Tuesday, November 29, 2005

Should Money Really Matter?

I was inspired to write this today by David W. Boles, at Urban Semiotic . One of today's articles is titled, "10 Million is Beneath 50 Million."

In the early nineties, I dated a woman for many years who came from a wealthy family. I mean very wealthy. Her parents were divorced and remarried. Her father is a cardiologist and owns thousands of acres of citrus groves. Her mother is married to a man who owned car dealerships. He grew up with the Ford family. They live in Isleworth Country Club, home to Tiger Woods, Shaq and other celebrities. Gold faucets set in ornate porcelain sinks are in all the bathrooms. The master bath is the size of a small house.

When I entered her life, she was aware of my financial situation and it did not matter to her. I mean, I wasn't by any means broke, but, no way did I come close to what her family was worth. The first time I met her mother was for dinner at her multi-million dollar home. We ate lobster tails that were brought up from the deep. Natives would dive off her yacht somewhere in the Caribbean and bring up the crustaceans. Needless to say, we didn’t dip them in Squeeze Parkay. Her father would go to his ranch every afternoon to tend to the groves. He was a very hard worker and not afraid to get his hands dirty. He had his main house, the ranch house, an oceanfront house just south of St. Augustine, and his other ranch house in south Florida. There, you could see nothing but tomato plants as far as the eye can see, and that’s not counting his citrus trees down there, too.

As we got closer, her parents treated me like a son. There never was a monetary barrier between me and her family. They felt if their daughter was happy, then that is what mattered. I was very good to her daughter as well. She was around ten when we met. I helped her with her homework and other family chores. I loved it. Her father never factored into the equation, so, I was about as close as you could get. These were her formulative years and I tried to do the best job ever as a sort of surrogate parent. I never cared about her family’s wealth. It was only her and her daughter who mattered.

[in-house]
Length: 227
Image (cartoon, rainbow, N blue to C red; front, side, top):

Alas, after a long relationship, things soured. Of course, I missed some of the amenities, but, they were nothing compared to the loves I lost. I dropped from 200 lbs. to 140 lbs. in three months flat. I got over Ms. X a long time ago, but I still love her daughter. Unfortunately, that had to go by the wayside, as Ms. X went on to other relationships. I would love to run into her one day. She is now in her mid-twenties. Heck, I’d even treat her to lunch.

Monday, November 21, 2005

A Lesson To Be Learned, But, Did It Soak In?

As the holidays approach...and I am leaving town, I want to leave you with this thought:

All the years I was in the restaurant business, my employees were allowed to eat pretty much whatever they wanted, whenever they wanted, for free. Of course, that didn't include times we were busy, like during the lunch or dinner rush. I never thought about charging them half price. They were there, they were pretty much stuck there, and they had to eat. I know, not all restaurants are alike, but, that was my policy.

I recently spoke to a dear friend. She told me she was on a two week probation period from work. That meant two weeks off, without pay. She is a bartender, and I must say, one of the best around. She told me she had consumed a few drinks while working and a fellow employee noticed her peculiar condition. That person then notified the manager, who conveyed the message to shut down for the night. Right now. He contacted her the next day and they met to discuss the situation. He put her on probation with a condition that she attend five Alcoholics Anonymous meetings during this two week period, requisite for her return to work. Each meeting she went to had to be signed by the person in charge. If it took more than two weeks to complete, then so be it. You may return only after you fulfill this obligation.

She said to me, "Dave, I'm a bartender, for cryin' out loud, what do you expect me to do? That's part of my job."

I said, "No, it's not." I told her that I, too, work for a living, but I don't drink on the job. Just because you are there and are pretty much stuck there, that doesn't mean you have to drink. No one should drink on the job, any job.

"But, but, Dave..."

"No! Suppose you're a doctor or a nurse. Does that give you the right to take drugs on the job?"

"It's not the same thing."

"Why not? You're both dispensing some sort of 'medication,' aren't you?"

"What if I work in a restaurant? Can't I eat?"

"I don't think anyone ever got a DUI from eating a cheeseburger. Did you ever drink sausage gravy on the job?"